Since 2005, when federal tax breaks incentivized energy companies to invest heavily in wind, agents from these companies have fanned out across the Hawkeye State, visiting Iowa’s rural farms and ranches to convince the owners to install turbines, many of which soar well over 200 feet in height, among the rows of their crops.
“We wouldn’t be able to do these projects without voluntary participation of our landowners,” says Adam Jablonski, the vice president of resource development at MidAmerican Energy.
Based in Des Moines, MidAmerican today is responsible for the highest number of wind turbine land leases (or easements, in energy parlance) in the state: 3,414 turbines generating over 7,300 megawatts of electricity.
Nowhere is MidAmerican’s presence more evident than in O’Brien County, centered smack dab in the middle of Northwest Iowa’s economically lucrative Wind Belt. While already profitable for cash crops — its loose black dirt means bragging rights for century farms — O’Brien County has the capacity to produce up to 752 megawatts of energy (enough to power roughly 150,400 homes), making it one of the top-producing wind power counties in the United States.
For 18 years, energy behemoths like MidAmerican, Invenergy in Chicago, and Mortensen in Minneapolis have flocked in droves to places like O’Brien, Ida County, and Palo Alto County, touting property tax benefits to county auditors, and offering cash-in-pocket — $10,000 to $15,000 per tower — to farmers who sign on the dotted line. With sustained winds that often clock 30 mph, O’Brien County is to wind what Saudi Arabia’s Ghawar Field is to oil and natural gas.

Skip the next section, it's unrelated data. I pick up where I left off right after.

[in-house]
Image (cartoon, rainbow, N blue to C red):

For Jablonski, who was one of those energy company agents on the ground in the early aughts, the trifecta of benefits is a no-brainer: “The better the wind resource, the more wind generation, the more renewable energy for our customers.”
Being a green energy goldmine doesn’t come without hiccups, however. From the first preliminary meetings with locals in Primghar’s Community Center, the turbine boom proved divisive. Some believed they were ugly, or killed off bats or birds. Others worried the cranes or trucks carrying the massive structures were damaging their land. Perhaps the most unexpected acrimony came from those who couldn’t get a turbine deal, due to dissenting neighbors or obstructing power lines near their property. “Here,” said Barbara Rohwer, auditor of O’Brien County, “you either love ‘em, or you hate ‘em.”